For you ATS enthusiasts out there, Kronos announced this morning that they have acquired Deploy Solutions. This acquisition goes well with their 2006 purchase of Unicru who also specialized heavy in retail. Consolidation reigns! See release below.
I realize that our government is so large that often things slip through the cracks, but how can it happen that the General Services Administration let contract workers have access to their information systems without being subjected to a background check?
This excerpt from the article says it all: In its audit, the IG said current safeguards do not guarantee that officials will complete investigations before granting access to agencies’ information systems. Even security measures mandated by Homeland Security Presidential Directive 12, which requires credentials for all federal employees and government contractors after they have undergone a background check, does not offer that protection.
In this day and age, information systems are a treasure trove to those with nefarious motives. How can our government not recognize that and take our security more seriously? Shouldn’t there be some accountability here?
Hayes International just completed its 19th Annual Retail Theft Survey and I found the results to be very interesting. See in particular some bullet points related to employee theft. Remaining highlights of the study can be viewed by clicking the hyperlink above.
• In 2006, survey participants apprehended 66,507 dishonest employees, an increase of 6.57 percent over 2005’s apprehensions.
• Dollars recovered from dishonest employee apprehensions totaled over $56.6 million in 2006, a substantial increase of 16.44 percent over 2005’s recovery dollars ($48.6 million).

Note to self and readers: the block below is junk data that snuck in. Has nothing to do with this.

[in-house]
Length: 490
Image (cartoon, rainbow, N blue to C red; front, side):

• One out of every 27.9 employees was apprehended for theft from their employer in 2006. (Based on comparison data of over 1.85 million employees.)
• The average dishonest employee case value in 2006 was $851.44, a 9.26 percent increase over 2005 ($779.27).
Beware colleges and universities. If you end up getting called out in this blog for failure to protect your school, it is only a matter of time until you change your tune. Last month we highlighted an incident at Colorado University where a school employer with a criminal past stabbed a student. No background check was conducted. This blogger was the first to tell you about it (maybe not) and the school quickly announced that their non-screening days were over.
So it was no surprise to me when the University of Kansas said that they will reconsider their policies on conducting employee background checks after we called them out earlier this week. (Please feel free to clap for me while I am patting myself on the back).
Seriously, it is a wonder to me that in this day and age any organization, corporation or academic institution needs to be convinced that employment background checks are a good idea. Not conducting them is simply mismanagement and neglect of the organization itself, its employees and the people they serve. It does seem that the last bastion of those putting their heads in the sand are our nation’s universities and it is time for change.
Check out this story I recently found in the New York Times: Mortgage Office Manager Charged With Identity Theft and Grand Larceny.
Since these people owned the mortgage company, having them conduct background checks on themselves really wouldn’t have helped, but it is demonstrative to employers of what an employee could do with sensitive data.
Many universities thrive on their time honored traditions and pride themselves on staying true to the pillars of their foundations. One such foundation that is beginning to crack at schools across the country is the tradition of not thoroughly screening university employees for past criminal convictions.
One place that is clinging to the past is the University of Kansas, where they freely admit that their background check consists of a Sex Offender Search and asking the applicant of they have been convicted of a crime.
I’ll let the article speak for itself. Anyone think this is a tradition worth saving?
Background checks aren’t just for major companies anymore. With the Internet you can do a check with just a couple mouse clicks – on sites like mybackgroundcheck.com.
From WCNC TV.